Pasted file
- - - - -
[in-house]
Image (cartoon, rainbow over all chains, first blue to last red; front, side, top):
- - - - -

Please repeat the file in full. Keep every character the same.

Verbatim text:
[in-house]
Image (cartoon, rainbow over all chains, first blue to last red; front, side, top):